We joke about it. “Over the hill.” “A sign of old age.” “Look at all those candles; call the fire department.”
We disguise it. Hair dye. Anti-wrinkle creams. Botox injections.
We deny it. Like a man who let’s everyone know he is not a grandpa; he’s an uncle. Never mind he’s married to the grandma.
Life expectancy has risen from around 40 years in the latter 19th century to above 80 years in some countries today. We are back to life expectancy as it was in Moses’ time: “The days of our years are seventy; and if by reason of strength they be eighty” (Psalm 90:10). Yes, it was Moses, not David, who wrote that Psalm. “By reason of strength…” Moses himself had that strength, reaching 120 years of age, barely surpassing today’s world record.
Golden years? More like rusty years. Grow old gracefully? False teeth, hearing aids, and a cane are not so graceful. Not to mention arthritis, Alzheimer’s, and nursing homes. As the song goes: “Oh, the old gray mare, she ain’t what she used to be.”
Old age brings unavoidable changes. The time came when the slayer of Goliath was told to leave the battle field: “David… and his servants… fought against the Philistines: and David waxed faint… Then the men of David swore unto him, saying, You shall go no more out with us to battle, that you quench not the light of Israel” (2 Sam. 21:15-17). The great warrior became too old for battle.
Baseball players are “done” between 30 and 40; other activities at varying ages. In the first century, in 1 Tim. 5, Paul said young widows should remarry, while widows over 60 could be supported by the church — with qualifications, including: “if she have brought up children, if she have lodged strangers, if she have washed the saints’ feet.” She was a very busy lady. The only present tense activity Paul mentions is praying. In the past, she took care of others, but now others take care of her. Now she can hardly cook for herself or bathe herself. The exact age varies with time, place, and conditions, but the growing disabilities will surely come.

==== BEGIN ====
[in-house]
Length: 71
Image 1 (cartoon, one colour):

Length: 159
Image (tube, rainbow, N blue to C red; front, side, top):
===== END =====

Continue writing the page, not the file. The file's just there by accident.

That’s what Ecclesiastes 12 is all about. Verses 2-6 are highly figurative about body parts wearing out. The inevitable is next: “Then shall the dust return to the earth as it was: and the spirit shall return unto God who gave it” (12:7). Verse 1 exhorts: “Remember now your Creator in the days of your youth, while the evil days come not, nor the years draw nigh, when you shall say, I have no pleasure in them.” “Have no pleasure in them.” Many of us have already entered those years. Things which once were a joy may now be a drag. Not all pleasure is gone; but many things we once enjoyed have no more attraction. It can be partly from boredom: “been there, done that.” But it can also be a lack of the necessary energy, for example, to enjoy a live concert that does not even start until 8:30 pm, which is nearly bed time.
And there’s 2 Cor. 4:16: “Though our outward man perish, yet the inward man is renewed day by day.” Our body parts wear out one by one like the parts of an old car. But, hopefully, we are fulfilling the later part: being renewed daily in the inner man. Truthfully, that can be a struggle; but, as we grow older we need to work at it, as we get closer and closer to our heavenly home.
What is your attitude toward old age, whether of yourself or others? “You shall rise up before the hoary [gray] head, and honor the face of the old man” (Lev. 19:32). “The hoary [gray] head is a crown of glory” (Prov. 16:31). Hardly a good sales pitch for Clairol. Prov. 23:22 exhorts: “despise not your mother when she is old.” “Likewise, you younger, submit yourselves unto the elder. Yea, all of you be subject one to another” (1 Peter 5:5).
We simply are not called upon to pretend we are still in the vigor of youth when we are old. Remember the song, “Give of your best to the Master”? And then what? “Give of the strength of your youth.” Hopefully, when we are older, though our physical strength is less, our wisdom and understanding are our strength. It is not a shame to grow old. Our Maker made life to be that way; so I think He can accept the reality of our old age. Can we? Do we?
You may have seen or heard the Senior Version of Jesus Loves Me. Here’s just a part of it; you can find the rest online:
Jesus loves me, this I know,
Though my hair is white as snow.
Though my sight is growing dim,
Still He bids me trust in Him.
Though my steps are oh, so slow,
With my hand in His I’ll go
On through life, let come what may,
He’ll be there to lead the way.